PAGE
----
Silly Symphony Swings

Silly Symphony Swings gets its name from Walt Disney's "Silly Symphonies," a series of 75 short films he produced between 1929 and 1939 and the film named "The Band Concert." In fact, you'll find Mickey Mouse, the band conductor on top.

It's a simple swing-style ride similar to Golden Zephyr except for the ride vehicles, which are two-person seats. Before it starts spinning, it rides above Paradise Bay, enhancing the fright factor slightly.

The story is a typical Mickey Mouse fantasy spun out of control. While Mickey is conducting the William Tell Overture by Gioachino Rossini, a tornado takes over and spins the audience (aka the riders) through the storm. Look up, and you'll see scenes from the tornado above you.

Silly Symphony Swings is very similar to the Golden Zephyr and so close to it that even the views aren't much different. Some people like it better because you're less closed in and don't get squashed against the side of the ride vehicle. For most people, riding one of these two rides will be enough.

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What You Need to Know about Silly Symphony Swings

Silly Symphony Swings at California Adventure
Jason Short/Flickr/CC BY-NC-SA 2.0
  • Location: Pixar Pier
  • Rating: ★★
  • Restrictions: 48 in (122 cm) to ride alone. Anyone between 40 and 48 inches must ride in a double swing with a responsible person.
  • Ride Time: 2 minutes
  • Recommended for: Anyone who meets the height restrictions.
  • Fun Factor: Moderate to boring.
  • Wait Factor: Medium to short. At the busiest times, it averages about 10 minutes
  • Fear Factor: Low, unless you are extremely afraid of heights or prone to getting dizzy.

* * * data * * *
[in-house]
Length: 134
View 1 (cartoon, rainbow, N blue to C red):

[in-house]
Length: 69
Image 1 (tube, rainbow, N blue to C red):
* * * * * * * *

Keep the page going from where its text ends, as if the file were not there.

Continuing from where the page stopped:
• Herky-Jerky Factor: Low
  • Nausea Factor: Low, unless you get dizzy easily.
  • Seating: The swing vehicles seat one person each and everyone has their own seatbelt. You walk up and sit down.
  • Accessibility: You'll have to transfer from your wheelchair or ECV to the ride vehicle by yourself or with help from your traveling companions. Enter to the right of the regular line, take the elevator to the second level. Service animals are not allowed. More about visiting Disneyland in a wheelchair or ECV
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02 of 03

How to Have More Fun on Silly Symphony Swings

Silly Symphony Swings at Disney California Adventure
Paul Hiffmeyer/Disneyland Resort
  • The Silly Symphony is fun to ride at night. More California Adventure rides that are best at night.
  • If you're the one walking below this ride, you don't want anything dropping on you from above. Because of that, you can't take backpacks or bags onto the ride but can stow them in baskets that are provided for that purpose. If you're wearing flip-flops, the Cast Member may also ask you to remove them.
  • Guests must be able to lower the lap bar all the way to ride.
  • Like most rides at Paradise Pier, this one closes early on days when there's a World of Color show. Check the daily schedule to be sure you don't wait too long and miss out.
  • Everyone rides in an individual seat, so be sure you can trust your kids to behave before you let them go on it.

Next California Adventure Ride:​​Redwood Creek Challenge Trail

More About California Adventure Rides

You can see all the California Adventure rides at a glance on the California Adventure Ride Sheet. If you want to browse through them starting with the best-rated, start with Radiator Springs Racers and follow the navigation.

While you're thinking about rides, you should also download Our Recommended Disneyland Apps (they're all free!) and Get Some Proven Tips to Minimize Your Disneyland Wait Time.

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Fun Facts About Silly Symphony Swings

Riding Silly Symphony Swings

Betsy Malloy Photography

The ride was inspired by the classic Mickey Mouse cartoon shorts. The film called "The Band Concert" isn't technically one of the Silly Symphonies, but it's so similar that most people think of it as one.

Some people speculate that the voice of the Silly Symphony Swings is the fictitious Mr. Tinkershmidt, the new owner of Paradise Pier.

This classic swing ride was originally called the Orange Zinger. It looked like a gigantic half-peeled California orange filled with bumblebees, which were the ride vehicles.

During the 2010 renovation, Imagineers toyed with a Pinocchio theme, where marionette strings would attach to the swings, and Geppetto would control the riders. In the end, they peeled the orange to give riders better views and changed the theming but kept the same theme music.

Next California Adventure Ride:​​Redwood Creek Challenge Trail